Global Shortage of Textiles

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We are presently witnessing an unprecedented global crisis with regard to availability and pricing of fabrics that could greatly impact the uniform business. The purpose of this paper is to provide you some historical background, bring you up to date and help you to understand what the future might look like.

The Spinners:

Starting with the economic recession of 2008 and 2009, the apparel industry, along with many other industries, suffered horribly during this two-year period. Many yarn suppliers (spinners) to the textile industry could not survive through the recession and hence went out of business. Spinners provide the service of accumulating raw materials, primarily cotton and polyester, break it down and make thread (yarn). This yarn is then sold to mills where it is woven or knitted into fabrics.

In the beginning of 2010, other parts of the world started to recover from the economic recession much faster than the United States. Presently, economies are booming in China, India, Brazil and even the recovery in Western Europe is far ahead of that in the United States. As demand for apparel began to increase and because of all of the spinners that went out of business during the recession, there was not enough spinning capacity to deal with the new higher fabric demands. China anticipated the shortage way before anyone else and signed contracts to buy large amounts of yarn from Pakistan to supply their textile industry. Suddenly orders began to accumulate in Pakistan and they realized they were going to have severe yarn shortages because they had limited capacity and already had sold off a great amount of their yarn to the Chinese. This prompted major price increases in products manufactured in Pakistan. Prices jumped dramatically and quickly and have continued to increase steadily throughout the year.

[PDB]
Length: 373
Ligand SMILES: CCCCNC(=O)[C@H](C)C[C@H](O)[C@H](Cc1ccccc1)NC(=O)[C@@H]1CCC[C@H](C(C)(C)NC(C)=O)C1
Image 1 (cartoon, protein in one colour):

The Cotton Story:

Cotton is a natural resource that is planted and harvested. There are four major cotton growing regions of the world. They are the United States, China, India and Pakistan. As weather conditions dictate, you can have good or bad cotton crops.

As it stands right now, there is a severe shortage of cotton to meet the world’s demand.

Pakistan, which actually has two growing seasons because of different regions in the country who produce cotton, had a reasonably good season in the spring, but a disaster in the fall. All of you have read recently about the complete devastation in Pakistan due to the massive flooding and the loss, according to estimates, of anywhere between 25 to 40 percent of their fall cotton crop.

India, which has had a reasonably good crop this year, harvests cotton at various times throughout the year. The Indian government has now set up a policy that will not allow the export of any yarn to other countries until they can adequately feed their own domestic consumption. Additionally, Indian exporters are now demanding significantly higher prices because they have availability of product where other places in the world do not.

Farmers in the U.S.A. had to make a decision six or eight months ago, prior to the shortages and price increases, as to what they were going to plant, and they did not plant enough cotton to compensate for future global shortages. The United States produces only one cotton crop per year, which is harvested at the end of the summer, and that crop has now been harvested.